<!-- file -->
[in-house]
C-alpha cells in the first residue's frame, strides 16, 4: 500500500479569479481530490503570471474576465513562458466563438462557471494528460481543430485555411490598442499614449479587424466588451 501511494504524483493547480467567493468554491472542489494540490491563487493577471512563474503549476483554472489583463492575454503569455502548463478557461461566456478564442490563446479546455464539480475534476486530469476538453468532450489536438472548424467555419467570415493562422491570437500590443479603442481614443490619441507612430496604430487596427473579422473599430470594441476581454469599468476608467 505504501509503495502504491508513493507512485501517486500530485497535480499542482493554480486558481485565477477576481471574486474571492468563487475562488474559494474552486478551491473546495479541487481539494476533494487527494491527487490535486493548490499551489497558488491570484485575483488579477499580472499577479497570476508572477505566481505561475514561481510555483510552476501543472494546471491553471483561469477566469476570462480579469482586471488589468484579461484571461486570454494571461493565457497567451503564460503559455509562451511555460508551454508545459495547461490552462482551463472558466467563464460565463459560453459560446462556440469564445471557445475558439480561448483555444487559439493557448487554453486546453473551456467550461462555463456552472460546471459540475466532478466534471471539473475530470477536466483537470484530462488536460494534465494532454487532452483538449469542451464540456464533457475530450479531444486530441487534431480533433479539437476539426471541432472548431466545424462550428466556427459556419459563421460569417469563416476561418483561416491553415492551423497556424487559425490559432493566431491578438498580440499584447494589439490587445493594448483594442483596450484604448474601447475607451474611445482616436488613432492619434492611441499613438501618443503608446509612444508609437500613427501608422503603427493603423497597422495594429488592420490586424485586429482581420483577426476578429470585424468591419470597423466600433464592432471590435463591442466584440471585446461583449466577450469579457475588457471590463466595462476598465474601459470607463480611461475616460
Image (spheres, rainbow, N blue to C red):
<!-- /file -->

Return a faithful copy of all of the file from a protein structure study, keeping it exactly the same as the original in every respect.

[in-house]
C-alpha cells in the first residue's frame, strides 16, 4: 500500500479569479481530490503570471474576465513562458466563438462557471494528460481543430485555411490598442499614449479587424466588451 501511494504524483493547480467567493468554491472542489494540490491563487493577471512563474503549476483554472489583463492575454503569455502548463478557461461566456478564442490563446479546455464539480475534476486530469476538453468532450489536438472548424467555419467570415493562422491570437500590443479603442481614443490619441507612430496604430487596427473579422473599430470594441476581454469599468476608467 505504501509503495502504491508513493507512485501517486500530485497535480499542482493554480486558481485565477477576481471574486474571492468563487475562488474559494474552486478551491473546495479541487481539494476533494487527494491527487490535486493548490499551489497558488491570484485575483488579477499580472499577479497570476508572477505566481505561475514561481510555483510552476501543472494546471491553471483561469477566469476570462480579469482586471488589468484579461484571461486570454494571461493565457497567451503564460503559455509562451511555460508551454508545459495547461490552462482551463472558466467563464460565463459560453459560446462556440469564445471557445475558439480561448483555444487559439493557448487554453486546453473551456467550461462555463456552472460546471459540475466532478466534471471539473475530470477536466483537470484530462488536460494534465494532454487532452483538449469542451464540456464533457475530450479531444486530441487534431480533433479539437476539426471541432472548431466545424462550428466556427459556419459563421460569417469563416476561418483561416491553415492551423497556424487559425490559432493566431491578438498580440499584447494589439490587445493594448483594442483596450484604448474601447475607451474611445482616436488613432492619434492611441499613438501618443503608446509612444508609437500613427501608422503603427493603423497597422495594429488592420490586424485586429482581420483577426476578429470585424468591419470597423466600433464592432471590435463591442466584440471585446461583449466577450469579457475588457471590463466595462476598465474601459470607463480611461475616460
Image (spheres, rainbow, N blue to C red):